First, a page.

Rochelle Frank profile image

Rochelle Frank 8 years ago from California Gold Country Author

Shades, your enthusiasm is always very gratifying. I'm going to do the Banana Slug next time. It is California's state gastropod . . . or mollusk or something


Ana Louis profile image

Ana Louis 8 years ago from Louisiana

I love your hub, and since I've never studied an owl in detail, I think your Post-Funky Tiki Owl is perfect. I can't wait to see your interpretation of the Banana Slug. I hope you will post pictures.


Shadesbreath profile image

Shadesbreath 8 years ago from California

My cousin went to college in Santa Cruz... the school mascot is the Banana Slug. LOL. How cool is that?


Rochelle Frank profile image

Rochelle Frank 8 years ago from California Gold Country Author

I didn't know that! Maybe I can get a commission.


Christoph Reilly profile image

Christoph Reilly 8 years ago from St. Louis

Your owl is good! Maybe you're a natural! Thanks!


Rochelle Frank profile image

Rochelle Frank 8 years ago from California Gold Country Author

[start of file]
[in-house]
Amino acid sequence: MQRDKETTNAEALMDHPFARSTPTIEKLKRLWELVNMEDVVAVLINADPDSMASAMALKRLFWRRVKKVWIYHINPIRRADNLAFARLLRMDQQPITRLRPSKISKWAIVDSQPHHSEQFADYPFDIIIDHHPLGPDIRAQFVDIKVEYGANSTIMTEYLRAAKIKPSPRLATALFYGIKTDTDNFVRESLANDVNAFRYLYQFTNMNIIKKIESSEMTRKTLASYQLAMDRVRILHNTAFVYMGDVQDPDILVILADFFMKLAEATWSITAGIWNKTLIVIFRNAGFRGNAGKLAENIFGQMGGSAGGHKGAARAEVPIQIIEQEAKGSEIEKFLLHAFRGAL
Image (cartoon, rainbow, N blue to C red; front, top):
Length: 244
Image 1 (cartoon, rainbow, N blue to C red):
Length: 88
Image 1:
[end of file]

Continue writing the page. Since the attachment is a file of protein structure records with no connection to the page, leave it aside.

Thank you Christoph.


Veronica Bright profile image

Veronica Bright 8 years ago from Nebraska

It's great that you tried something new! I have always wondered about scultping.


Rochelle Frank profile image

Rochelle Frank 8 years ago from California Gold Country Author

It was a lot of fun. A lot of people made things like birdbaths or fountain basins-- different kinds of garden sculpture. One would need kind of a dedicated space to do this if you planned to do more. The pices are quite heavy and have the look and durablity of granite once they are fully cured.


agvulpes profile image

agvulpes 8 years ago from Australia

What a great job you did of that owl,

I attended a similar class at our community house in Melbourne , but we used an already made product called Hebel and carved our images using hand tools it is a very easy product to work.

I admire your tenacity.


RGraf profile image

RGraf 8 years ago from Wisconsin

Good for you. I hate feeling so inadequate with others so much more talented around me, but in the end I did it. Congrats on an owl that is yours and unique!


Draw for Joy 7 years ago

Nice sculpture. I have made an owl drawing.


Rochelle Frank profile image

Rochelle Frank 7 years ago from California Gold Country Author

Cute owl drawing. It never occurrred to me that owls might have a cup of coffee to wake up for their night's work.


Arlene V. Poma 4 years ago

So now you know. Many people don't give themselves credit for the talents that they have. Which is why it's okay to venture out and try different activities. You could be mildly surprised!


Rochelle Frank profile image

Rochelle Frank 4 years ago from California Gold Country Author

Thank you for commenting, Arlene V. Poma. It was fun to do, but I think if I ever did another one it would be quite different.